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An expedition through time

A good group braved the chill to walk along Forest Creek yesterday. Led by Marie Jones, the walk started at the Monster Meeting site and walked north along the track to Expedition Pass Reservoir (through Castlemaine Diggings NHP). Pauses were taken along the way to hear about the rich history of the track from Marie, including the mammoth work undertaken by Golden Point Landcare over many years managing weed control and revegetation.

Frances briefs the group on changes to the creek since colonisation. Photo: Asha Bannon

Frances Cincotta shared her knowledge of native plants and spoke of the changes to the area since colonisation. Sightings of hybridised Silver/Cootamundra Wattle sparked conversations on the importance of planting species which are indigenous to the area, so we don’t lose what is unique to our Box-Ironbark Forests.

We were treated to an array of birdlife along the way, including Gray Fantails, Striated and Yellow Thornbills, and Golden and Rufous Whistlers. And one didn’t have to look far off the path to spot fungi – including some growing in a pile of horse manure.

A big thanks to Marie and Frances, as well as to Christine for leading the return walkers back to the Monster Meeting site.

To give an idea of how things have changed, check out the photos below. Here’s the Res in 1878:

Expedition Pass in 1878, ten years after the construction of the reservoir. The stripped land tells a story…

And here’s that hill today:

Walkers on the dam, May 2024. Photo: Joy Clusker


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Coliban channel walk is now a fire zone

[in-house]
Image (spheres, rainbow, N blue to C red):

Users of FOBIF’s guide to Twenty bushwalks in the Mount Alexander region should be aware that the amenity of Walk 13 has been affected by this year’s Management fire. The section of this walk between Old Coach Road and Dearden Track is mostly through burned bush, not necessarily a pleasant experience, especially since the fire has caused extensive canopy scorch. On the other hand, you might find it an enlightening experience to take the walk, to puzzle over the nature and effectiveness of Department practices. In any case, it’s to be hoped that the zone will green up between now and spring.

From Salt Water track. Canopy scorch has been severe in large sections of this zone.

The fire, CAS 629, centred on Salt Water track, and covering 134 hectares, was lit on April 23. It was categorised as Bushfire Moderation zone, the intention of which is to ‘manage fuel to reduce the speed and intensity of bushfires, and to protect nearby assets, particularly from ember attack.’ This kind of exercise, we are told, is also intended to ‘support ecosystems which require fire to remain healthy.’

As to the fire protection value of these burns, readers might want to check the Post below recording FOBIF’s discussions this year about reduction burning. As to the ‘ecosystems which require fire to remain healthy’, we are sceptical of this claim, for two main reasons.

Fire and ecology

Firstly, unlike traditional owner burns, these fires are too extensive to be sensitive to local ecological variation. In the present case, for example, we noticed several areas where patches of the rare Fryerstown Grevillea had been burned. Is this helping the system to stay healthy? The only way we could know is by seeing monitoring of this plant’s reactions to fire, and we don’t believe such monitoring takes place.